THE BLOG
10/12/2012 08:23 am ET Updated Dec 12, 2012

Laughing Man and Choir Boy

Last night, Paul Ryan played the choir boy. Blue eyed and innocent, pretending to be a flowing font of sympathy for his fellow citizens' pain, seeming guileless, all he wanted to do was help Americans get a job and speak God's truth.

Joe Biden laughed his head off.

Paul tried telling his story of sincerity and concern. Joe sat in the back of the class, grinning, smirking, and grunting his amusement, often shouting out incredulous disbelief: You're kidding us, right?! Hey, we're in on the fun. We know it's a joke. It is a joke, right Paul? You don't think we're going to take this guff seriously, do you? It's all a bunch of malarkey!

Every school kid in American knows how this trick is played. Some fakey student siting in the front row raises his hand, stands up, and drones on and on, trying to get on the teacher's good side. You and your friends glance at each other and start snickering in the back row. You don't have to say anything, but you steal the show. The attention of the class is diverted, and turns to you.

Biden played the joker, but he wasn't being funny. Like Shakespeare's fools, there was method to his apparent madness. As Ryan said his lines, our attention was pulled away by the audacity, the sheer riskiness, of the Vice-President of the United States acting out in public. With his comic antics, Biden took himself outside the text, but not off the stage. He ended up front and center. His subversive tactics gave us permission to be snide about Ryan's performance too.

Of course, dramatic plots can have only one hero. In the performance of American politics, that's the president. But every hero has a side-kick, a spear carrier who passes the ammunition, takes a pratfall for the team and always comes up good natured and smiling from (but one step behind) in the end. The job description is to make the big guy look good. The Lone Ranger and Tanto, Johnny Carson and Ed McMahon, Superman and Jimmy Olsen, Don Quixote and Sancho Panza.

Last night, Biden and Ryan auditioned for this secondary role.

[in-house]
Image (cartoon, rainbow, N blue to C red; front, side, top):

For Ryan, this meant keeping the recently scrip-doctored Republican story going. The Democratic standard bearers are not heroes but whimpy failures. They're listless, don't care about America, have lost their purpose and energy. We Republicans are fighting ready. The Democrats portray us as wolves, but we actually are moderate democrats in disguise. It's we who are on the people's side; the Democrats are on the side of the state.

Biden's task was to engage in a blocking maneuver. He aimed to stop the surging Republican performance of competence and caring by showing it to be just that - a performance. Not by reasoning but by gesturing. In a dramatic language more powerful than speech, he suggested Republicans are telling a just-so story that's too funny for words, and that it's okay to laugh!

Blocking Ryan's story, Biden gave Obama a chance to rewind his own. The president lost last week's debate by playing the prissy Explainer-in-Chief who would rather reason than fight. He listened politely, allowing Romney to pivot and tell the new Republican story.

Last night, Obama's side-kick gave the would-be hero a swift kick in the behind. Joe pulled Barack up off the ground, told him to stop being a doormat, to take off his shirt and flex his muscles and take back the role of partisan fighter who can throw a punch.

He did this by getting in the choir boy's face. Paul played the studious nerd, the sincere, blue-eyed innocent trying to please the teacher by knowing all the facts. Big Old Joe called him out, continuously interrupted, gave no quarter, controlled the debate.

Joe sat in the back of the room and laughed. He was a holy fool and a brilliant bully. If he didn't deliver a knock-out, he certainly blocked the pilgrim's progress. He set the stage for the return of the hero next week.